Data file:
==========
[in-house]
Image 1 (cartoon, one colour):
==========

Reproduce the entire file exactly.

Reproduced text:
[in-house]
Image 1 (cartoon, one colour):